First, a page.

Chai chocolate truffles

Wrap these spiced chocolate truffles in metallic paper and gift them to loved ones this holidays.

Peppermint crème brûlée (crème brûlée à la menthe)

Stage 4 – Seraing/Cambrai: The north of France produces sugar from sugarbeets, so I thought it would be fitting to make a sweet dessert. And what better than a classic crème brûlée! I have added a little peppermint to the custard as this is also a popular local flavour. Make sure you use peppermint syrup and not peppermint essence. I use the Monin brand but you could also use a mint liqueur such as Crème de Menthe.

Caramel mango and banana tart (tarte caramélisée aux mangues et bananes)

The West African republic of Guinea’s food culture has been heavily influenced by its colonial past, and this dark, caramelised fruit tart – flavoured with rum and vanilla, and cousin to that French classic, tarte Tatin – is its embodiment.

Moroccan macaroons (coconut ghriba)

Dancing and feasting

Enough of the formalities, let’s get back to our after-party preparations. To get into the mood, we’ll need to dig deep and dust off our old Spice Girls cassette tape. The quintet are rumoured to be performing alongside Coldplay and Ed Sheeran. For their first dance, The Sun reports that Harry and Meghan have allegedly chosen Whitney Houston’s 80s hit “I Wanna Dance With Somebody (Who Loves Me)”. Which feels a little random for a couple's big moment, don't you think? More likely to actually happen is the steel band Harry has arranged to play as guests enter the party.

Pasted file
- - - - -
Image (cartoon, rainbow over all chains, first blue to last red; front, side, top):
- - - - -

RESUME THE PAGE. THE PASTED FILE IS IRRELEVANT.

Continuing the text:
Of course, more food will be on offer, this time catered by Harry's friend Minnie Brown’s catering company Feast It.

Feast It bring “street food traders and pop-up bars” to events all over the UK. This is our kind of caterer – the food on offer ranges from Modern Ghanian (Zoe’s Ghana Kitchen) to Iraqi (JUMA Kitchen) to tacos (Tacos Del Ray). Sorted!

Chipotle black bean tacos with jalapeño slaw

"I had a fairly standard taco game as a kid – meat, cheese, lettuce and tomato in a store-bought shell. I was wary of making any changes to my long-serving combo... I mean, why mess with perfection, right? Well, becoming vegetarian and finally eating authentic Mexican food certainly bumped me right out of rookie taco zone and straight into the world of piquant, fresh vegie creations. I'd put just about anything on a taco these days, and am often found doing just that. Welcome to taco-time!" Stacey Roberts, The Veggie Mama

Jollof rice with fish

Jollof rice is a staple across much of West Africa, with each country possessing its own interpretation. No matter which brand of jollof you come across, the main ingredient will always be rice. Other ingredients, such as fish, beef, pork, chicken, plantain, help to differentiate and dress up the dish. Like many African recipes, jollof rice can be served at all occasions – toned down for weeknight meal or adorned with seafood for a more lavish affair.

Kibbeh with burghul

Kibbeh is very popular among Middle Eastern countries, particularly in Iraq where it has many variations. This recipe is a deep-fried version could be likened to dumplings or meatballs. You begin with a simple burghul (cracked wheat) dough and use this to encase a more-ish spiced meat filling. Serve with yoghurt or hummus.

Winding it up before we explode

In a cute, “we’re really just like you, no, really” touch, the royal couple has arranged for an ice cream truck to make an appearance in the wee small hours. Frankly, by 2am we’ll be ready for bed (thank god it’s Sunday tomorrow), but if you fancy an ice-cold hit at 2 am, try this:

Turkish delight ice-cream timbals

Turkish delight ice cream timbals

Prince Charles is said to be picking up the tab for this full day of feasting. Sadly, that won’t be happening at our place, where the only richness on offer will be the flavours we’ve feasted on from all over the world. But, gosh, that was a bloody good wedding, wasn’t it?

Watch the Royal Wedding live on SBS from 7.30pm Saturday, May 19 and on SBS On Demand.